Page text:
Tuesday, October 29, 2013

Fight Against Unemployment : African Leaders Implored to transform natural into job opportunities

                                            By Christopher Ambe
     African governments and leaders have been called upon to henceforth ensure that the exploitation of the natural resources of their countries is largely intended for the common good of citizens. 
    They have  been  implored  to transform the abundant natural resources of their  conuttries  into job opportunities for the millions of qualified  but unemployed Africans, and  to make "local content and local participation" in mining, oil and gas projects a focus of their administrations
Dr. Makongo (extreme right)  making a presentation at launch of African Gas Association(AGA),in Kenya
   Dr. David Makongo , a Cameroonian - born but US-trained natural resources legal and policy expert   made the  plea   recently  in a presentation ,titled "Local Content And Local Participation In Natural Resources Projects-The Key To Africa's Development?" at Safari Park Hotel in Kenya during the inaugural meeting of The Africa Gas Association in conjunction with World Alliance for Decentralized Energy .
    The conference, which ran from October 14-15, assembled participants from (USA, Kenya, Tanzania, Uganda, Nigeria, South Africa, United Kingdom, Cameroon, Ghana, Nigeria, Israel and Norway .It was chaired by the President of the African Gas Association Mrs. Pamela Namai, - a Kenyan resident in USA and working for the American Gas Association. She is also cofounder with Dr. Makongo and Foraline Olejembola of Nigeria of the Afro-American Consortium (AAC-3) dealing in natural resources, infrastructure, equity and financing across the globe.
    "This is the change Africa needs. It is the change Africans should be calling for because it carries more meaning in our nations than the mere change for sitting presidents," Dr Makongo, who was one of several speakers, noted.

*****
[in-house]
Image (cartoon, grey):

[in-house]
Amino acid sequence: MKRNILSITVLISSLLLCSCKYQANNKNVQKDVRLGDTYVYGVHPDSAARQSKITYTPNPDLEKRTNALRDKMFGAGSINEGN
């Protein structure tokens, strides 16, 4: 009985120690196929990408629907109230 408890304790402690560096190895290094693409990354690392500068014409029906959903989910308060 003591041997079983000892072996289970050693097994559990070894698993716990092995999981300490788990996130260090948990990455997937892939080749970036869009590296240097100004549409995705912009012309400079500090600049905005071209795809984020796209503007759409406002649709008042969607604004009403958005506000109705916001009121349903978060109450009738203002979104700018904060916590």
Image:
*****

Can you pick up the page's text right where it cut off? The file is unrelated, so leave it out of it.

"For Africa to be a stable place for business and an island of hospitality, host countries and foreign companies must merge their politics and policies so to create jobs for Africans right here in Africa.
"Companies should start seeking social licenses backed by solid local content and local participation plan that clearly shows how many local skills will be developed, how many local employees will be hired and what quantity of and quality of goods and services a company intends to source locally, as opposed to importing throughout the value chain of a mining or oil and gas project"
Mrs.Pamela Namai,President,AGA
    Dr. Makongo strongly advised that governments in dialogue and consultation with companies on the other hand, should put in place sound local content policies and legislation as guarantee for employment of locals to whom these resources belong and use of local goods and services- not forgetting technology transfer so that locals can also be competitive abroad. 
"No Africa government should grant a license to an investor who has not complied with the local participation plan agreed to. It is good to know what Africa will get before a license is granted …This is also important for companies to make profits because a key license any foreign company must seek to acquire for business success even higher than an exploitation license is a social license granted by the local community directly impacted by company's project."
   The international expert argued: "There is no justification what so ever for Nigeria to have 36 billion barrels of proven oil reserves and over 19 cubic billion barrels of natural gas reserves, ranking 5th biggest petroleum exporter in the word, yet three quarters of Nigerians still live far below poverty line. 
   "There is no convincing explanation why Nigeria that has made over 600 billion dollars in petroleum product sales since oil was first discovered in commercial quantity in the 1950s should still be owing local and foreign creditors a combined more than 50 billion dollars."